Prices for CD-ROM distributions of Intel GNU/Linux software start at around 4 or 5 euros for a single disk, and can go all the way up to EUR 100 for a boxed set, with manuals. (And those extra euros can buy real value.) Many vendors also sell subscription deals that will lower your cost-per-CD for regular updates over the subscription period. Prices may be even higher when commercial packages (e.g. graphics or word-processing applications) are bundled in with the basic distribution.
Price correlates with features and quality pretty well (as one would expect in a very competitive market). I would personally recommend paying the few extra euros for a top-drawer original CD-ROM distribution; this will pay off in fewer installation and administration hassles down the road. (For example, installation of S.u.S.E. 7.0 from DVD now takes little over 20 mins on a fairly run-of-the-mill machine, with automatic detection of most network and video cards. Compare that with the one-and-a-half hours it took me to install my first copy of Linux-FT, which — at the time — I thought was a dream installation.)
Making good choices is also much simpler than it used to be. In 1995-96 the Linux market underwent a serious shakeout, with only a very few commercial distributions emerging as leaders, while the weaker ones disappeared or stagnated. (My own personal favourite at the time — Linux-FT — went down without trace. RIP Unifix — welcome S.u.S.E.) The toll among general-purpose non-commercial distributions has been even fiercer. Essentially, only Debian (and derivatives) survive in this role.
As a result, the three-tier structure of primary distribution builders, value-added repackagers, and bottom-feeding CD shovellers that used to define the market has nearly collapsed. To be competitive in the third millennium, a Linux vendor (whether commercial or non-commercial) has to offer reasonable support and behave like a primary distribution builder, whether it really is one or not.
As long as you look for a recent freeze date though, it is pretty hard to get stuck with a duff distribution these days.
In this section, I present my own opinions, for what they're worth. However, there is no substitute for making your own evaluation, based on experience — plus the data in this guide, of course. These opinions are intended more to show up any possible personal bias than as a guide to what anyone else should do.
In the beginning was Slackware — usually to be found along with a few other goodies on the cover disks of the more enlightened magazines. But from the beginnings of the Linux (CD-ROM) industry circa 1993 until the autumn of 1995, Yggdrasil was top distribution — it essentially founded the CD-ROM market in North America, then set the standard for everybody else. (In Europe of course, Slackware reigned.) The previous editor of this document, Eric Raymond, described how he used Yggdrasil, and recommended it over commercial System V versions for its "superior documentation, large collection of applications, and enlightened policy of sending free releases to open-source authors, then dedicating part of the price of each CD-ROM to financially supporting free software". Unfortunately, Yggdrasil hasn't issued a new release since 1995, and they've now been left well behind by the market.
Personally, after playing with Slackware for a while, I toyed with the idea of Yggdrasil, but instead moved on to a distribution which gave me what I wanted at the time — my own personal webserver; an X interface; and enough development and SGML editing tools to keep me happy for years. (Plus a rather nice system which loaded and unloaded applications for me automatically, according to how much I used them.) Unfortunately, Linux-FT was not to endure; and in 1996 I finally settled on Debian as my ideal distribution, as I had come to want more, and was also a far more experienced user by then. There is an important point to be noted by first-time buyers here — go for whatever distribution gives you what you most want at the time; then change with your needs. The financial costs incurred in doing this are negligible.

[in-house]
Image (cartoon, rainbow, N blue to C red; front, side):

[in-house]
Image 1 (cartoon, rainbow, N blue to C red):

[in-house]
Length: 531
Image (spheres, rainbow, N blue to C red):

In previous versions of this document, Eric Raymond wrote: "I now run Red Hat Linux and am quite satisfied with it. They have successfully created a de-facto standard in distribution packaging with RPM (now also used by SuSE and Mandrake, among others). They've made most of the right moves at the right times and I consider them the current market leader."
This may still be true for North America; but in Europe Red Hat is rapidly falling into third place behind the very much more popular S.u.S.E. and Mandrake distributions; and the "standard" RPM application packaging is turning out to be not quite as standard as one might wish for — as RPMs from one distribution do not necessarily always transfer to another.
Eric himself has now given up vanilla Red Hat and has written to tell me he's been running the KRUD version for the last year and is very happy with it. It just goes to show...
However, one of the major influences in decision-making for most newcomers to GNU/Linux is not so much the number of useful packages included with any distribution, but the perceived sexiness of the user interface it uses as its default. (All distributions will run all X desktop environments and window managers, given the right hardware resources — but not all distributions are set to default on startup to the most attractive screen presentation for the novice user.) Be aware of this when evaluating different distributions — it is surprising how many potential new users interpret the sizzle as the steak.
But if you're ideologically wedded to using a non-commercial distribution, Debian seems to be the clear choice: the only one left with a serious support team behind it, and a rock-solid package management system, allowing trouble-free translation to and from other package management systems.
Certainly, in my own experience, Debian suits my personal needs best. Nevertheless, despite any efforts I might make to persuade them otherwise, my commercial clients invariably plump for S.u.S.E. or Mandrake as their choice of first distribution. (As ever, it's a case of horses for courses.)
These opinions should certainly not be interpreted as an unconditional endorsement; different Linux distributions are optimized for different needs, and yours may well be best served by some other distribution (especially if, unlike us, you're mainly a DOS user and are looking for a distribution tuned for dual-boot systems and being launched from DOS).
Furthermore, industry standing is volatile. By the time you read this, Debian, S.u.S.E. or Red Hat may well have fallen out of favour or fashion, and been displaced by hungrier newcomers offering more and better features. (And the obligatory sexier graphical interface of course.)